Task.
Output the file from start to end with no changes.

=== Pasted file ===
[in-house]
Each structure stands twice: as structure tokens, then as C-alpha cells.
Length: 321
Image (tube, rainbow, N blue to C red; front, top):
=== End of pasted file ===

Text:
[in-house]
Each structure stands twice: as structure tokens, then as C-alpha cells.
Length: 321
Image (tube, rainbow, N blue to C red; front, top):